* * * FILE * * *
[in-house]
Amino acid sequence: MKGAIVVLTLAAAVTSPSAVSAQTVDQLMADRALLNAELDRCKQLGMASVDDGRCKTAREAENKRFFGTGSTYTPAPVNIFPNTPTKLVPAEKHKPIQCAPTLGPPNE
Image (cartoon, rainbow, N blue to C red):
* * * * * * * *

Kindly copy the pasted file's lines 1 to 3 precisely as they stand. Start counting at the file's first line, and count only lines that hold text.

[in-house]
Amino acid sequence: MKGAIVVLTLAAAVTSPSAVSAQTVDQLMADRALLNAELDRCKQLGMASVDDGRCKTAREAENKRFFGTGSTYTPAPVNIFPNTPTKLVPAEKHKPIQCAPTLGPPNE
Image (cartoon, rainbow, N blue to C red):